Arkansas State Fair and Livestock Show
aka: Arkansas State Fair
The Arkansas State Fair and Livestock Show (usually just called the Arkansas State Fair) is an annual event sponsored by the Arkansas Livestock Show Association and held in Little Rock (Pulaski County). The fair features a midway/carnival, music concerts, a rodeo, commercial exhibits and displays, free shows (from exotic animals to acrobats and magicians), arts and crafts competitions and exhibits, food competitions and demonstrations, and various livestock competitions. It runs for ten days, usually in October, starting on a Friday and running through two weekends, ending on a Sunday night.
The current Arkansas State Fair began in 1938, but there had been several other efforts over the years to establish a state fair. On November 6, 1867, the Arkansas State Agricultural and Mechanical Association was formed for several purposes, including the establishment of a state fair. The first Arkansas State Fair was held in Little Rock on November 17–20, 1868. It was located at the end of Center Street (now the corner of Center and 17th) until 1876, when it was moved to Arch Street. On May 1, 1881, the State Fair Association of Arkansas was incorporated. It used 110 acres on East 9th Street for the fair until World War I. State fair records reveal a “state fair” at Oaklawn Park (now Oaklawn Racing Casino Resort) in Hot Springs (Garland County) beginning in 1906, and one at Fair Park in Little Rock in 1922, but no other records exist on early state fairs.
Arkansas was still feeling the effects of the Depression well into the 1930s. The economy was in disarray, and the primary cash crop of the state—cotton—was in decline. In 1937, a survey by the University of Arkansas Agricultural Cooperative Extension Service (UACES) revealed that livestock would be successful in the state. A group of leaders, who later formed the Arkansas Livestock Show Association, decided to hold a livestock exposition to educate farmers and to promote the new industry. The first Arkansas Livestock Show—later changed to the Arkansas State Fair and Livestock Show—was held November 9–13, 1938, in North Little Rock (Pulaski County) at 5th and Smothers. Only 17,000 people attended, and the show lost $23,000. In 1939, the fair and show were moved back a month, to mid-October, for better weather. In addition to the time change, fair promoters brought in their first celebrity, a young movie star named Roy Rogers. The move worked, leading to celebrities being featured every year since, among them being Western stars such as Gene Autry and musicians such as Johnny Cash.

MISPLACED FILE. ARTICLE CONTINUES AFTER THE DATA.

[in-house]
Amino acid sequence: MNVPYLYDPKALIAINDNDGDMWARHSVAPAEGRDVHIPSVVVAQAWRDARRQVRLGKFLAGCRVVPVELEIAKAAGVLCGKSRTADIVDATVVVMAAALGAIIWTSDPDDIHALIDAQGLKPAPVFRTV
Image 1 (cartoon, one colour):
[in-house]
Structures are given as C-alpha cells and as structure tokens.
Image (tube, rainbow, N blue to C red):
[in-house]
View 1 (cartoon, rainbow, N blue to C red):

The Arkansas State Fair continued in North Little Rock for three more years. But the day after the 1942 fair ended, fire swept through the relatively new buildings, burning them to the ground. The fair was moved in 1943 to Pine Bluff (Jefferson County), which had some limited facilities, but the demands of World War II forced the association to cancel the fair and show entirely in 1944 and 1945.
In 1944, Little Rock made a proposal to the association, offering a permanent site for the state fair at what is now War Memorial Park. The 1922 state fair had been held at that site, but the association did not like the location and turned it down. In 1945, the Little Rock Chamber of Commerce offered several acres on Roosevelt Road, and the association accepted that site for its permanent home. In later years, the association expanded its holdings north of Roosevelt Road, as well as east and south. Today, the State Fairgrounds Complex, as it now is called, consists of 135 acres, of which ninety-six are occupied.